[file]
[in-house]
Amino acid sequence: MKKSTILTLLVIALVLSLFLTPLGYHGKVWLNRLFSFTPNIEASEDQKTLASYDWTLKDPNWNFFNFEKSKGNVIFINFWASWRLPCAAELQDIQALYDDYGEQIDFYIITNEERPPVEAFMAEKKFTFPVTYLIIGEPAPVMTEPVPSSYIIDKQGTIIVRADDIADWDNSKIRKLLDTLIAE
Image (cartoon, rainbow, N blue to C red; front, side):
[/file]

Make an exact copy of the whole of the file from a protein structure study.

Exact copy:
[in-house]
Amino acid sequence: MKKSTILTLLVIALVLSLFLTPLGYHGKVWLNRLFSFTPNIEASEDQKTLASYDWTLKDPNWNFFNFEKSKGNVIFINFWASWRLPCAAELQDIQALYDDYGEQIDFYIITNEERPPVEAFMAEKKFTFPVTYLIIGEPAPVMTEPVPSSYIIDKQGTIIVRADDIADWDNSKIRKLLDTLIAE
Image (cartoon, rainbow, N blue to C red; front, side):